Deconstructing the Apartment
It is done.
Ignoring news of a deadline relaxation for January I pushed through and published “The Apartment” at a few minutes before midnight on January 31st, 2013. I also monetized it, and as of this post I’ve made sales. This is the first project that I’ve felt worthy of both the Dark Acre name & people’s money. I hope you feel the same.
None of this would have been possible without the support & encouragement of friends, family, & fans. A special heartfelt thanks goes out to the following people:
- Mike Renwick, for putting up with my rants & madness on GChat.
- Kelly Wright, for sharing the meatspace & putting up with my insanity first-hand.
- Nao Enomoto, for being the best damn cheerleader my world has ever known.
- Chris Kaitila, without whom there’d be no #1GAM and no project.
What Went Right
When Kaitila announced the jam a couple of month ago, I was skeptical. I’ve stated on more than a few occasions that I only have the time, energy, & brainspace for a single focused game jam once ever few months, & up until January ’13 that had been comfortably addressed by the Ludum Dare 48-hour competition.
I’d also just spent two years wrestling with what the ideal production schedule for myself & Dark Acre was supposed to be. Initially it was 8 weeks. Then it was whenever. Most recently it’s be a year-long earmark for the Cyberdrunk project. But for whatever reason, as January moved forward & more progress was made on the Cyberdrunk thing I figured I should allot some time for other public efforts.
And maybe, just maybe, publish something for money.
2. New Framework via LD48 no.25
When the last Ludum Dare entered I was pleased to discover I’d finally put together a reasonable framework for communicating narratives. In other words, I had built—from scratch—a story-telling engine that took some advantage of the Unity3D platform. So began the Cyberdrunk project.
I realized that I should also spend time iterating on & polishing the framework, so at first I thought I’d do that via Darkades. But adventure games require a fair amount of time to complete; they’re not just poopy little projects that can be spat out in a day. So combine a month-long “jam” with some emerging self-built technology & maybe there’d be something cool at the end of it. And there was.
3. Kontent Kreator
Coupled with no.2 above, having a solid framework meant more time spent making stuff for players to interact with & less time worrying about whether it would all work. I think for this project I spent more hours in 3D Studio Max, Photoshop, & Google Docs than I did in Unity3D. That was an amazing feeling.
4. Calling it “Art”
I think there’ll be more to say on this in the coming months, as I prove out more of these projects. For now, I’ll refer you to the “artist statement” that adorns the main menu:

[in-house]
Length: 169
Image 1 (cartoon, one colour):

My work explores isolation and decrepitude both mental and physical.
With influences as diverse as Brutalist architecture and post-modern cyberculture, new models of narration are created from exploring the discomfort of the human psyche and emergent digital mediums.
Ever since I was a child I have been fascinated by storytelling and its effect on the imagination. The fugue state entered when enthralled by media becomes the definition of immersion, and it is this feeling that the work tries to capture.
As the narrative unfolds based on a willingness (or unwillingness!) to explore the environment, the player is left with a sense of relief or emptiness at their condition.
Approaching this work with this kind of attitude informing my creative decisions seemed to make all the difference in the world. I leave it up to you to decide if the resulting experience can be classified as art or not.
What Went Wrong
1. Working Until Drop-Dead
I was adjusting content in the finished commercial build right up until 23:55, five minutes before putting it up for sale. A very risky maneuver, and going forward I’ll be leaving far more time for final polish & testing.
2. No Warning
As of this post I’m working on a way to put in a personal warning to players that the content may be disturbing to some. I apologize if the work has caused anyone undue duress, & it is certainly not intended for a very young audience. I blithely assumed that since most of my followers were adults that it wouldn’t reach too-young eyes. Also such is the danger of self-publishing without a standards & ratings board to pass through.
3. Long, Long Nights
My obsession with this project only seemed to grow as the deadline loomed, & by the end of it I was nearly manic in my efforts to bring it to completion. The pacing is something I’ll be looking to improve in the future to avoid going bonkers with stress.
A Few More Words
It’s worth noting that on January 24th I had my final face-to-face depression counseling session. I also seem to have not needed my antidepression medication since the 20th. Can making games you believe in cure depression? I don’t know. But I do know I feel a whole hell of a lot better about everything than I did a month ago.
Let’s see if we can’t carry this feeling forward.